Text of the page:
Biological pressure
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Circulatory system, respiratory system and Aquatic systems. Biological Pressure. Biological Pressures. Bladder pressure Hydrocephalus: Cerebrospinal pressure Glaucoma: Pressure in the eye Heart burn: Pressure in the gastrointestinal cavity. BLOOD PRESSURE. The silent killer!!!!.

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Biological Pressure

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Biological pressure

Circulatory system, respiratory system and Aquatic systems

Biological Pressure

Biological pressures

Biological Pressures

  • Bladder pressure

  • Hydrocephalus: Cerebrospinal pressure

  • Glaucoma: Pressure in the eye

  • Heart burn: Pressure in the gastrointestinal cavity

Blood pressure


  • The silent killer!!!!

The blood vessels and the cardiovascular system

The Blood Vessels and the Cardiovascular System

Figure 15-1: Functional model of the cardiovascular system

Blood pressure bp measurements

Blood Pressure (BP): Measurements

  • "Blood pressure"

    • Systolic over diastolic

    • About 120/80 mmHg

  • Sphygmomanometer

    • "Estimation of pressure"

    • Korotkoff sounds

Blood pressure bp measurements1

Blood Pressure (BP): Measurements

Figure 15-7: Measurement of arterial blood pressure

More blood pressures pulse and mean arterial pressures

More Blood Pressures: Pulse and Mean Arterial Pressures

Figure 15-5: Pressure throughout the systemic circulation

Pressure respiratory

Pressure Respiratory

Respiration involves 3 processes

  • Ventilation/ breathing- bulk movement of air into and out of lungs

  • Gas exchange between air in lungs and blood

  • Gas exchange between blood and tissues



  • Alveoli- small air sacs

  • So numerous that the walls are little more than a succession of alveoli

  • Alveolar ducts end into alveolar sacs- chambers connected to about 3 alveoli

  • 300 million alveoli in each lung


Pleural cavities

Pleural Cavities

  • Lungs are in thoracic cavity

  • Lungs are surrounded by pleural cavity

  • Cavity lined with serous membrane called pleura- 2 parts

  • Parietal pleura- thorax, diaphragm, mediast.

  • Visceral pleura- covers surface of lung

  • Pleural cavity- between pleurae, filled with pleural fluid, lubricate and stick pleurae together



  • 2 phases of ventilation

  • Inspiration- inhalation

  • Expiration- exhalation

  • Due to changes in thoracic volume- changes in air pressure in lung

Changing thoracic volume

Changing Thoracic Volume

  • Muscles of inspiration- diaphragm, external intercostals, others

  • Diaphragm- dome shaped muscle separating thoracic cavity from abdominal

  • Muscles of expiration- internal intercostals, abdominals

Pressure changes

Pressure Changes

  • Flow of air is governed by 2 principals

  • Changes in volume= changes in pressure

  • Air flows from high to low pressure- greater the difference, the faster the flow

Lung recoil sa

Lung Recoil SA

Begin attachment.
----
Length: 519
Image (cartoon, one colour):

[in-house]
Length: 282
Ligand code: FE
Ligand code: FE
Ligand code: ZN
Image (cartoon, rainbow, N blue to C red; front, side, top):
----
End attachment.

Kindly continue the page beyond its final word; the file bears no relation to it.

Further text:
• During quiet expiration- recoil of lungs and thoracic wall

  • Lung recoil- due to elastic fibers and surface tension of fluid in alveoli

  • Two things prevent lung collapse

  • Surfactant

  • Pressure in pleural cavity



  • Mixture of lipoproteins produced by epithelium

  • Forms a thin layer inside lungs

  • Reduces surface tension

  • Reduces tendency of lungs to collapse



  • There are three important pressure in respect to breathing:

  • atmospheric pressure-  the pressure of the air around us.  At sea level the atmospheric pressure is 760 mmHg, at higher altitudes the pressure is lower.  

  • intrapleural pressure-  the pressure within the potential pleural space between the parietal and visceral pleura.  Intrapleural pressure is always slightly below atmospheric pressure.  This is called negative pressure because the elastic lungs are always tending to collapse and pull the visceral pleura away from the parietal pleura.  The serous fluid, however, prevents separation of the pleural membranes.

  • intrapulmonic pressure-  the pressure within the bronchial tree and alveoli.  This pressure fluctuates below and above atmospheric pressure during each cycle of breathing.

Gas exchange partial pressure

Gas Exchange – partial pressure

  • Diffusion of gases between alveoli and pulmonary capillaries

  • Does not occur in bronchioles, bronchi and trachea = dead space

  • Diffusion is dependant upon the partial pressure of that gas

  • Partial pressure is very similar in concept to concentration

Fig 15 13

Fig. 15.13

Carbon dioxide

Carbon dioxide

  • Plays a vital role in pH balance

    CO2 + H2O ↔ H2CO3 ↔ H+ + HCO3-

Chemical control

Chemical control

  • Increase in pH = decrease in CO2 = decrease in ventilation = increase in CO2 = decrease in pH

  • Decrease in pH = increase in CO2 = increase in ventilation = decrease in CO2 = increase in pH

Aquatic system

Aquatic system

  • Gas solubility

    • CO2 higher solubility

    • O2 low solubility

  • Temperature

    • High temp – low solubility

    • Low temperature – high solubility

Metabolic functions

Metabolic functions

  • How can we measure indirectly the rate of photosynthesis?

  • How can we indirectly measure the rate of respiration?

Aquatic system1

Aquatic System

  • Photosynthesis and Respiration

    • Plants – higher rate of photosynthesis high concentration of DO and low dissolved CO2

    • Plants – higher rate of photosynthesis lower concentration of DO and low dissolved CO2

  • Global warming and partial pressures of gas

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